“Early induction of menopause is a risk factor for bone loss, especially in breast cancer patients,” Dr. Hu said. “Within 5–10 years after natural menopause, women can lose approximately 2% of their bone mass every year. But with chemotherapy-induced early menopause, patients can lose 3%–8% per year, and that’s a significant amount.”
Breast cancer patients and prostate cancer patients, who comprise the majority of cancer patients, are most affected by bone loss and its repercussions.
In prostate cancer patients, efforts are often made to shrink the cancer or cause it to grow more slowly by reducing testosterone levels through orchiectomy—the surgical removal of one or both testicles—or hormonal ablative therapy with chemicals such as leuprolide (Leupron) or bicalutamide (Casodex). However, Dr. Hu said, “We’re finding that estrogen levels, as well as testosterone levels, are important for bone health in men. There are more and more data to support that estrogen reduction is actually the more important aspect in osteoporosis in men.”
In breast cancer patients, selective aromatase inhibitors such as anastrozole (Arimidex), letrozole (Femara), and exemestane (Aromasin), which inhibit the enzyme that synthesizes estrogen, are used to lower patients’ estrogen levels and thus slow tumor growth. But while lower estrogen levels may impede tumor growth, they also impede bone growth.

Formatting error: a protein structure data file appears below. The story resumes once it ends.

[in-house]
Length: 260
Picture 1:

“Aromatase inhibitors are very important in further reducing estrogen levels, especially in patients who are already postmenopausal, and that further reduction of estrogen will significantly inhibit bone formation and increase bone resorption,” Dr. Hu said.
In addition to basic preventive treatment—getting plenty of calcium and vitamin D and adhering to a regimen of weight-bearing exercise—several drugs have emerged in the past decade that can be used to curb bone loss in cancer patients. Ten years ago, salmon synthetic calcitonin (Calcimar, Miacalcin, others), a hormone that suppresses osteoclast activity, was standard therapy for bone loss. Although calcitonin is effective in reducing bone loss, the drug is not as effective as other medicines available today. Among these newer drugs are bisphosphonates such as alendronate (Fosamax), risedronate (Actonel), ibandronate (Boniva), and zoledronic acid (Zometa), which are considered initial therapy for bone loss.